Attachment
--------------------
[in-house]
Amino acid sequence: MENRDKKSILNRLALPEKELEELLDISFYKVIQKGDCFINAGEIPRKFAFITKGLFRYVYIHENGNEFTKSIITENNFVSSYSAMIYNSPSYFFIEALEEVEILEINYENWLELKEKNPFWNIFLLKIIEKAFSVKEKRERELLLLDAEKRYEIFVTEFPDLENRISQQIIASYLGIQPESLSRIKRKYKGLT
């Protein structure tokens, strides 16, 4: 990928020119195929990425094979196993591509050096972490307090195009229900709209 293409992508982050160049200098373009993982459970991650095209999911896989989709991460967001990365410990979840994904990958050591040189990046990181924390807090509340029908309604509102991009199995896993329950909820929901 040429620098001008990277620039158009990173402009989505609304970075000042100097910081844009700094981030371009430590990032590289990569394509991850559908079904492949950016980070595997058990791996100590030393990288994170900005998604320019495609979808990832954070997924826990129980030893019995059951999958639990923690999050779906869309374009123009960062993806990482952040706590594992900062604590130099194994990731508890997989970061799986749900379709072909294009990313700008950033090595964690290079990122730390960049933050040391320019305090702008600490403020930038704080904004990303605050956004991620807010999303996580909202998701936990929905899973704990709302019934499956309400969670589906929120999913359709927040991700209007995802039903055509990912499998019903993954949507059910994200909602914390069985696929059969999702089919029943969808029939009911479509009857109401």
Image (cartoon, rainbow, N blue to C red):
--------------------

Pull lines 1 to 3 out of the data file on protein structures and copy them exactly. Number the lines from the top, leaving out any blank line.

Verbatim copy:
[in-house]
Amino acid sequence: MENRDKKSILNRLALPEKELEELLDISFYKVIQKGDCFINAGEIPRKFAFITKGLFRYVYIHENGNEFTKSIITENNFVSSYSAMIYNSPSYFFIEALEEVEILEINYENWLELKEKNPFWNIFLLKIIEKAFSVKEKRERELLLLDAEKRYEIFVTEFPDLENRISQQIIASYLGIQPESLSRIKRKYKGLT
């Protein structure tokens, strides 16, 4: 990928020119195929990425094979196993591509050096972490307090195009229900709209 293409992508982050160049200098373009993982459970991650095209999911896989989709991460967001990365410990979840994904990958050591040189990046990181924390807090509340029908309604509102991009199995896993329950909820929901 040429620098001008990277620039158009990173402009989505609304970075000042100097910081844009700094981030371009430590990032590289990569394509991850559908079904492949950016980070595997058990791996100590030393990288994170900005998604320019495609979808990832954070997924826990129980030893019995059951999958639990923690999050779906869309374009123009960062993806990482952040706590594992900062604590130099194994990731508890997989970061799986749900379709072909294009990313700008950033090595964690290079990122730390960049933050040391320019305090702008600490403020930038704080904004990303605050956004991620807010999303996580909202998701936990929905899973704990709302019934499956309400969670589906929120999913359709927040991700209007995802039903055509990912499998019903993954949507059910994200909602914390069985696929059969999702089919029943969808029939009911479509009857109401």